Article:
5 Ways To Stop Taking Attachment Disorder Personally.

Attachment disorder is one of the hardest, loneliest, and defeating aspects of parenting children from traumatic pasts. If you’re anything like us, you struggle to not take the words and actions of your child personally. So, how do you find light at the end of a very dark and long tunnel?

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It IS personal. That’s the trouble with Attachment disorder. It is the opposite of the parental connectedness that we all desire with our children. Children attach through constantly having their needs met. When this attachment doesn’t happen during a child’s first few years, it can take a lifetime to recover the loss. As adoptive parents this is where we find ourselves with many of our children.

Often we are ashamed to admit that our child is not attaching to us. We may feel judgment from others who do not understand the cycle of bonding or the lengths we are going through to repair years of past damage and trauma. When we are living in a cycle of shame and disappointment as parents we are further hindering our own ability to attach. Here are a few things you can do to put shame behind you and stop taking your child’s attachment disorder personally.

  1. Lose Expectations. Do you have a healthy bond with another child? Did you have a healthy attachment to your parents? This relationship is different. A child who has been through trauma is going to view his or her world through a different lens than other children. They have built an emotional wall as a protection against further hurt. They did not consciously intend to keep your love out as well. They do not know how to differentiate. Lose your old expectations and allow your relationship to evolve at it’s own pace.
  2. Take a Minute. Children who have lost trust in adults, namely parents are often quick to react out of fear. They may lie about the most trivial situations. They may respond to requests with hurtful words or refusal to comply. They may curse at or push parents away emotionally. When these things happen, it is important for yourself and for your child to take a minute. The first reaction is usually not their real reaction. When you realize that your child is responding to a situation inappropriately, take a moment to allow their brain to catch up to the reality of the event. Often when our children are allowed to have a do-over they will aim for a different outcome.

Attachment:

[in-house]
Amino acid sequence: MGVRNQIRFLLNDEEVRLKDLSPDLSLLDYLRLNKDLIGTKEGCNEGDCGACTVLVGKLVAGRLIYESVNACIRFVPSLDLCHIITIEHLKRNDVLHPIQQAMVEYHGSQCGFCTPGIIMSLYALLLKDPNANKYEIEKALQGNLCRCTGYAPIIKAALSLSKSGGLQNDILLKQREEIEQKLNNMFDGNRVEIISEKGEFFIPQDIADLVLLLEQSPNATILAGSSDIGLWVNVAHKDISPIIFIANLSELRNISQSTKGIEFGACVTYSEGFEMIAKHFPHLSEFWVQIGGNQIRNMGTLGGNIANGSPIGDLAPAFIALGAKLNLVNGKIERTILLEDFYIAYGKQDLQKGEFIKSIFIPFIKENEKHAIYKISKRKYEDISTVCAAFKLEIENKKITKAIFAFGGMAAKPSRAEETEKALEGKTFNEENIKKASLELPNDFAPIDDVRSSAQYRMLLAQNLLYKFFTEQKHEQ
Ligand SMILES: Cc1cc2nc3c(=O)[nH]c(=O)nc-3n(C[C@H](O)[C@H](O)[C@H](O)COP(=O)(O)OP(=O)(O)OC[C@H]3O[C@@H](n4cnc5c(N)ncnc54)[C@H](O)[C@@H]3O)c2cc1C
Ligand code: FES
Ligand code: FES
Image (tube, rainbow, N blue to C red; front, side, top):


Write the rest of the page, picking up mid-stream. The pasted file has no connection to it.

3. Correct and Guide. While you must understand where your child’s attachment disorder comes from, you don’t have to surrender to the disconnectedness. As your child grows and matures it is ok to find moments to address the issue with your child. Our son is now a pre-teen. He is beginning to have the maturity to understand a small correction like, “When you yell at me, it really hurts my feelings.” Sometimes we desire for the connection to be there so badly that we are tempted to deny the hurt. It is more than ok to allow your child to take responsibility for his or her words and actions. Keep in mind that your child may not seem to care how you feel. Brace yourself for that but if they do seem to understand, this can become a time of careful guidance.
  4. Cherish Moments Of True Connectedness. Be on the lookout for real moments of connectedness. Often I am exhausted from the every day wearing down that the lack of trust takes on my relationship with my children. I sometimes forget to look for the hope that still exists within our relationship. Hope is still there. Connectedness is always possible. The connection could happen in a brief moment of eye contact. Maybe it will be a genuine hug. You may laugh at the same joke or find out that you love the same food. My daughter was 24 when she called me “Mom” for the first time. I cling to that moment in my memory to this day.
  5. Be Prepared to Start the Cycle Over. Tuck those good memories away where you can retrieve them quickly because attachment disorder may rear its ugly head just moments after a wonderful success. Attachment, bonding and trust take time. My children are worth all the time it takes. I’m willing to bet yours are too!

Often you will feel as if you’re fighting a losing battle. It’s hard to see the sun behind storm clouds. Hang in there. Remember, you’re not alone. We’re in this trench with you. Keep your head up and keep fighting for the heart of your child.

Question: Are you parenting a child with an attachment disorder? What has been the most difficult aspect of your journey? You can leave a comment by clicking here.

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